Findings of the Association for Computational Linguistics: EMNLP 2020

Preconditions provide a form of logical connection between events that explains why some events occur together and information that is complementary to the more widely studied relations such as causation, temporal ordering, entailment, and discourse relations. Modeling preconditions in text has been hampered in part due to the lack of large scale labeled data grounded in text. This paper introduces PeKo, a crowd-sourced annotation of preconditions between event pairs in newswire, an order of magnitude larger than prior text annotations. To complement this new corpus, we also introduce two challenge tasks aimed at modeling preconditions: (i) Precondition Identification – a standard classification task defined over pairs of event mentions, and (ii) Precondition Generation – a generative task aimed at testing a more general ability to reason about a given event. Evaluation on both tasks shows that modeling preconditions is challenging even for today’s large language models (LM). This suggests that precondition knowledge is not easily accessible in LM-derived representations alone. Our generation results show that fine-tuning an LM on PeKo yields better conditional relations than when trained on raw text or temporally-ordered corpora.


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Repurposing Entailment for Multi-Hop Question Answering Tasks
Harsh Trivedi | Heeyoung Kwon | Tushar Khot | Ashish Sabharwal | Niranjan Balasubramanian
Proceedings of the 2019 Conference of the North American Chapter of the Association for Computational Linguistics: Human Language Technologies, Volume 1 (Long and Short Papers)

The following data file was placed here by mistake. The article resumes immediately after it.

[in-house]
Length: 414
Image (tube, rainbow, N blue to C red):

Question Answering (QA) naturally reduces to an entailment problem, namely, verifying whether some text entails the answer to a question. However, for multi-hop QA tasks, which require reasoning with multiple sentences, it remains unclear how best to utilize entailment models pre-trained on large scale datasets such as SNLI, which are based on sentence pairs. We introduce Multee, a general architecture that can effectively use entailment models for multi-hop QA tasks. Multee uses (i) a local module that helps locate important sentences, thereby avoiding distracting information, and (ii) a global module that aggregates information by effectively incorporating importance weights. Importantly, we show that both modules can use entailment functions pre-trained on a large scale NLI datasets. We evaluate performance on MultiRC and OpenBookQA, two multihop QA datasets. When using an entailment function pre-trained on NLI datasets, Multee outperforms QA models trained only on the target QA datasets and the OpenAI transformer models.


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Cross Sentence Inference for Process Knowledge
Samuel Louvan | Chetan Naik | Sadhana Kumaravel | Heeyoung Kwon | Niranjan Balasubramanian | Peter Clark
Proceedings of the 2016 Conference on Empirical Methods in Natural Language Processing